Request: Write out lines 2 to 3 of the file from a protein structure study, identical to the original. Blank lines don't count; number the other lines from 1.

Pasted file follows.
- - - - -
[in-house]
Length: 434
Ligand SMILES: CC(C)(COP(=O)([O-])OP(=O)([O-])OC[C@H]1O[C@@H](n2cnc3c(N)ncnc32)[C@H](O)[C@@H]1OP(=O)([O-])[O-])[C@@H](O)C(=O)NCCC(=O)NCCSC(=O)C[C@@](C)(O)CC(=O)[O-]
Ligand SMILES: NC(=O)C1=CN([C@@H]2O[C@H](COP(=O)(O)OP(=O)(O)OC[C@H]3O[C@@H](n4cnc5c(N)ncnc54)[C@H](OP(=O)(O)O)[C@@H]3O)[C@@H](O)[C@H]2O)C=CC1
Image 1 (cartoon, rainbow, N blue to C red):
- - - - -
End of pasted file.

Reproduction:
Length: 434
Ligand SMILES: CC(C)(COP(=O)([O-])OP(=O)([O-])OC[C@H]1O[C@@H](n2cnc3c(N)ncnc32)[C@H](O)[C@@H]1OP(=O)([O-])[O-])[C@@H](O)C(=O)NCCC(=O)NCCSC(=O)C[C@@](C)(O)CC(=O)[O-]